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How Does Max Kellerman Feel About His Tom Brady Prediction 5 Years Later?

“Brady has thrown for 4,000-plus yards and 24-plus touchdowns every season since Kellerman made his famous declaration.”

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Courtesy: ESPN

ESPN’s Max Kellerman declared Tom Brady finished as an elite quarterback years ago, but the Tampa Bay Buccaneers 38-3 thrashing of the Chicago Bears proved him wrong once again.

On Sunday, Brady became the first quarterback in NFL history to throw 600 touchdown passes, and tied Drew Brees with his 37th career game tossing four-plus touchdowns. The GOAT is aging like fine wine and souring Kellerman’s take along the way. Of course, Keyshawn Johnson and Jay Williams were ready to bring up the take on Monday.

“What year was that, that you said he should retire?” Johnson asked his co-host.

“It was in 2016,” Kellerman responded. “I gave him 18 months before he fell off the cliff, so two more seasons. Since I’ve made that prediction, he’s had a full Hall of Fame career.”

Brady has thrown for 4,000-plus yards and 24-plus touchdowns every season since Kellerman made his famous declaration.

“What boggles my mind is that this is the first 17-game season,” Kellerman continued. “He won the Super Bowl last year, which means he played more football than everyone else, and he’s leading the league in attempts!”

Brady leads the league in attempts (303), completions (203), passing yards (2,275), and passing touchdowns (21) through seven games. The ageless wonder keeps separating himself in the record books.

“That day,” Williams began asking Kellerman. “What made you take that stance?”

“No, not that day,” Kellerman retorted. “I said the same thing about Peyton [Manning], said the same thing about [Brett] Favre at the time. What I noticed, for a while now, is when quarterbacks hit that age 41 season they all fall off.”

All of them besides Brady who has arguably pieced together three separate Hall-of-Fame-worthy careers into his one two-decade stint in the league.

“They fly very high,” Kellerman said. “Then they turn 41, they have that age 41 season, and they fall off. All of them, until Brady.”

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UConn Basketball’s Mike Crispino Less Critical of Referees As Official Himself

“I’ve changed completely since I started doing this. Because I realize how hard it is.”

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@mikecrispinonyk on Twitter

While basketball broadcasters may not have as contentious a relationship with referees as coaches, players, and fans, part of calling the action can involve criticizing a call. And with broadcasters typically positioned at courtside, there is certainly more opportunity for exchanges with officials than in football or hockey, for example.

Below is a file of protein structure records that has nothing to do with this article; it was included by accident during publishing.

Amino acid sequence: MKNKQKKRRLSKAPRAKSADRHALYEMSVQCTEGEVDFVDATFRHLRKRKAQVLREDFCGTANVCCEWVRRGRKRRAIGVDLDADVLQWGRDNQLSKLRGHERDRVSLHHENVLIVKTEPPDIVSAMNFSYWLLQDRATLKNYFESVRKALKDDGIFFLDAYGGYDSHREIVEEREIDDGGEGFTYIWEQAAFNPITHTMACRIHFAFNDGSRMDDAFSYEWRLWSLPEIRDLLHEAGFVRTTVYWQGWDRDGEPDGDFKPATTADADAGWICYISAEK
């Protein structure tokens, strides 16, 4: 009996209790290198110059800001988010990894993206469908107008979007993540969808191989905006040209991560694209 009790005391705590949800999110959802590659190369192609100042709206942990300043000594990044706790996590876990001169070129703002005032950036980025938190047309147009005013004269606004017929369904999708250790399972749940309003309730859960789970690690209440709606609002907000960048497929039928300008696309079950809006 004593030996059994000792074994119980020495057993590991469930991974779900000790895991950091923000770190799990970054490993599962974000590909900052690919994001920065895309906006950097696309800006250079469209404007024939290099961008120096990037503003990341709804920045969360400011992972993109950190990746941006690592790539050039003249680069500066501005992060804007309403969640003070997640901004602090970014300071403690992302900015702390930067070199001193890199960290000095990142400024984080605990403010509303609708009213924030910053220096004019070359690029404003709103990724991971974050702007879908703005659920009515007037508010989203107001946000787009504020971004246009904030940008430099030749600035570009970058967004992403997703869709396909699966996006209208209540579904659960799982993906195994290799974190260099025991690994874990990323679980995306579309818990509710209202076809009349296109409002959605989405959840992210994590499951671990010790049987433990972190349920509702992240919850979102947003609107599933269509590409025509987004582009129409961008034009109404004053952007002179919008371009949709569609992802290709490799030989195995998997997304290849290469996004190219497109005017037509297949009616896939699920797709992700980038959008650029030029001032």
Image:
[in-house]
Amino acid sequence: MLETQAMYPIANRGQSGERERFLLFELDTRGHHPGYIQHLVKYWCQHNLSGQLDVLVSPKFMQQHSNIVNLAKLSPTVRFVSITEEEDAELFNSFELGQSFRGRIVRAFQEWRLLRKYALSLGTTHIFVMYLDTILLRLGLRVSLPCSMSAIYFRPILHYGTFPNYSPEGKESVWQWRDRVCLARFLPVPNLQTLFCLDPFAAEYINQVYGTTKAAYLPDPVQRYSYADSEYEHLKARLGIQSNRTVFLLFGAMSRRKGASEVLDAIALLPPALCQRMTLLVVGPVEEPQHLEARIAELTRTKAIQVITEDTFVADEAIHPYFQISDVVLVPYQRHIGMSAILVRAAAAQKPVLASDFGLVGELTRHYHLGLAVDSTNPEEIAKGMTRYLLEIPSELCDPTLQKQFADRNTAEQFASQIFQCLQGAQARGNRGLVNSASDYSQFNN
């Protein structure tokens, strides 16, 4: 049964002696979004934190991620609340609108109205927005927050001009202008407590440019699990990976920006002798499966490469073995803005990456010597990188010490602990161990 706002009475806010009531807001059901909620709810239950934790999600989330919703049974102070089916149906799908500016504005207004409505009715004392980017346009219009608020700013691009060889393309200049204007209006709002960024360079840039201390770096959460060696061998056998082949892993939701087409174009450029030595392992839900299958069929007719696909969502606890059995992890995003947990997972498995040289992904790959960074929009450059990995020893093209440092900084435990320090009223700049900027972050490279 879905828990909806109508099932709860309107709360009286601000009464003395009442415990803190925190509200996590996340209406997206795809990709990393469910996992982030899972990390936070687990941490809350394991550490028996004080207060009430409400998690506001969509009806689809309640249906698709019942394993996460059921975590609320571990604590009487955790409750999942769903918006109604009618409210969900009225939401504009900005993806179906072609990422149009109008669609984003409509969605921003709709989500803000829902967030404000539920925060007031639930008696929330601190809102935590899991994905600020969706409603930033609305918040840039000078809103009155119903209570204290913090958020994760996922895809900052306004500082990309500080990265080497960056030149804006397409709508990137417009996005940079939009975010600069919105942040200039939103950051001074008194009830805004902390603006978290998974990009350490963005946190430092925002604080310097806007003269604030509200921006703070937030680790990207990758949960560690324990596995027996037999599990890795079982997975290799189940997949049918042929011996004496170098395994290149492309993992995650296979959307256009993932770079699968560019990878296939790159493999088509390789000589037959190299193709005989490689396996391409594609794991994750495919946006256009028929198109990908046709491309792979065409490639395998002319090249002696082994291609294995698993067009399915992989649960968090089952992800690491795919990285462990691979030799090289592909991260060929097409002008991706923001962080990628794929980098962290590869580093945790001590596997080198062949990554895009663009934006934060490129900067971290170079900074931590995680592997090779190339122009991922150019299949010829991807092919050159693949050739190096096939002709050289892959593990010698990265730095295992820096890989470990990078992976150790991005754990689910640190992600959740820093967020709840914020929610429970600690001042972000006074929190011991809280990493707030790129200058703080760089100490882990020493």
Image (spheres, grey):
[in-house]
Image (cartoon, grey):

But as David Borges writes in a feature for CT Insider, UConn men’s basketball play-by-play announcer Mike Crispino might go a bit easier on referees than his colleagues. And that’s because Crispino works as a referee himself when he’s not at the mic, officiating high school basketball and baseball games in Connecticut

Crispino has been a referee for 12 years and says it completely changed how he viewed officiating while calling play-by-play for the New York Knicks and UConn Huskies. Prior to donning the stripes, he would often question calls during a broadcast.

“I’ve changed completely since I started doing this,” Crispino told Borges. “Because I realize how hard it is. It’s not easy. You’re on-call all the time. You’ve got to have two hours of being sharp. You can’t get lazy, you can’t get distracted, you can’t listen to too many people barking about stuff. You have to be on it. Otherwise, you’re not doing the service that you’re getting paid to do.”

Despite having the perspective of a working referee, Crispino — who’s been broadcasting UConn men’s basketball for the past four years — still gets caught up in the moment and questions certain calls, sometimes with the officials standing right in front of him.

Unlike broadcasting, where young announcers are always trying to break into the industry, Crispino is concerned about the future of officiating. He says fewer people work as referees because of stories about angry parents and coaches.

Of course, Crispino has also experienced such exchanges from the other side with high school coaches disputing his calls as a referee. But he’s only issued one ejection during his officiating career, along with just a few technical fouls. Seeing referees work at the college and NBA levels as a broadcaster has helped him understand how to deal with such situations. That perspective has clearly been beneficial in both jobs.